Some might sight stunts as something to master. Stunts seem cool at first, until you realize that they are incredibly easy to do, rendering them anything but competitive. All you do is flick the Wii Remote up and boom, you get a boost. I think that this is, once again, a move to get away from competitive play. Since stunts are easy to pull off, everyone can do it, which means that those who aren't so great at the game can feel like they are good racers by gaining that tiny boost through a stunt.

I think the lack of balance that I mentioned early might stem from the addition of four more racers on the track. Having twelve people racing at once sounds awesome at first, until you realize that more people equals more items, and more items equals a much less competitive race. Races are now won and lost by your items, and not your skills. With more people filling up the bottom half of the places, you are much more likely to get hit with a blue shell or one of thousands of bananas left on the track. It's more hectic, definitely, but not more fun.

Now I've really covered all of my gripes with the game. But if I want this post to be constructive, I should probably mention what I think should happen in the next iteration of the series.

First, I want to see the return of an online leaderboard. That was the best aspect of Mario Kart Wii, in my opinion, and is basically necessary in the next Mario Kart. Let me keep up to date on my favorite course in Time Trials, so I can see how they did it and what time I have to beat. People already do this on sites like the Player's Page, so it would be awesome to keep an official tab on times.

Also, give me some sort of competitive tactic to separate the great from the good. I don't mean that I want snaking back. People always assume that I only hate Mario Kart Wii because I can't snake, and that's not true at all. I do, however, want something that I can spend time learning and mastering, so I feel like I am an accomplished racer once I have learned it.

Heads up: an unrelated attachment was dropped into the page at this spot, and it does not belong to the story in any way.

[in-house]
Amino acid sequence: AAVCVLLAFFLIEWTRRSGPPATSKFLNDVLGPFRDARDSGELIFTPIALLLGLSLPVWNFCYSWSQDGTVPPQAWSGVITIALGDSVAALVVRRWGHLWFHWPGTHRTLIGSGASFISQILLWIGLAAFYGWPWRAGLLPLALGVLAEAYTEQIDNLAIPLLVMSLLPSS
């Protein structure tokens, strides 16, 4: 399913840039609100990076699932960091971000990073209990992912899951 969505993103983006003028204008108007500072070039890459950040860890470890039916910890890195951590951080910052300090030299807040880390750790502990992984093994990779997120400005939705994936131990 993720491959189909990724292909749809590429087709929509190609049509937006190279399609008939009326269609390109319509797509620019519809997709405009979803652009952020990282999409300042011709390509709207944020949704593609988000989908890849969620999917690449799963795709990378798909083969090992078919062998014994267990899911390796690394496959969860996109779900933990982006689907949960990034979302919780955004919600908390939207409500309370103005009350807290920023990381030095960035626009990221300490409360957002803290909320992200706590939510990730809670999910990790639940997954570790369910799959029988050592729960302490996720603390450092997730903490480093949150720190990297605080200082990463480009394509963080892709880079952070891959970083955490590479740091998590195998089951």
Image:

One thing I also would like to see is the option to turn items off in Online Play. I know items are half the fun to most people, but on the competitive racing scene most racers try to avoid using items during online matches. It would be nice to just have the ability to turn them off when racing, to make races fair and fun to those who don't really like items.

And finally, let's return to eight racers. I feel that eight was the perfect number of people racing at one time; it game balance in races but didn't get too much power to those at the rear. Races were still hectic and fun without being stupidly gimmicky. I know Mario Kart thrives on gimmicks, but there's a limit.

Take from this what you will. Maybe I am just a stubborn Mario Kart DS fanboy who dismisses Mario Kart Wii because I'm not good at it. However, I feel that Mario Kart Wii is another example of Nintendo dumbing down games to appeal to the casual market, and I'm not really fond of it.

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While on my SEGA rant, I forgot to mention that everyone should pick up Deadly Creatures when it is released this week. It's yet another mature title for the Wii, and features a really unique set of protagonists: a tarantula and a scorpion. Intrigued? I know I am, and IGN's praising of the game has won me over. I'm picking the title up later this week.